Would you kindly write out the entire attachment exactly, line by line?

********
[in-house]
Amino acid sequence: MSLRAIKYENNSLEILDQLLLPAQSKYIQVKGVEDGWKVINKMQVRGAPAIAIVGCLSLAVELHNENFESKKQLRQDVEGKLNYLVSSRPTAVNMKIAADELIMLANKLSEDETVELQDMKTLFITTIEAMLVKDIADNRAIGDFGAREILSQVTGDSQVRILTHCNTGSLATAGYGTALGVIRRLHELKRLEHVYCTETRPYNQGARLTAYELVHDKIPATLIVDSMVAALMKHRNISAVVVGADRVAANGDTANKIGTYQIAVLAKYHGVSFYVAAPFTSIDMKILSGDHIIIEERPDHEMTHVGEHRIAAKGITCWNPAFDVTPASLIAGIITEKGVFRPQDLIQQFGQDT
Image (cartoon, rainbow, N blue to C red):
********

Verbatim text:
[in-house]
Amino acid sequence: MSLRAIKYENNSLEILDQLLLPAQSKYIQVKGVEDGWKVINKMQVRGAPAIAIVGCLSLAVELHNENFESKKQLRQDVEGKLNYLVSSRPTAVNMKIAADELIMLANKLSEDETVELQDMKTLFITTIEAMLVKDIADNRAIGDFGAREILSQVTGDSQVRILTHCNTGSLATAGYGTALGVIRRLHELKRLEHVYCTETRPYNQGARLTAYELVHDKIPATLIVDSMVAALMKHRNISAVVVGADRVAANGDTANKIGTYQIAVLAKYHGVSFYVAAPFTSIDMKILSGDHIIIEERPDHEMTHVGEHRIAAKGITCWNPAFDVTPASLIAGIITEKGVFRPQDLIQQFGQDT
Image (cartoon, rainbow, N blue to C red):